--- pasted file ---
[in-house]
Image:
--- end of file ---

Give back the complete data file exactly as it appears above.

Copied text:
[in-house]
Image: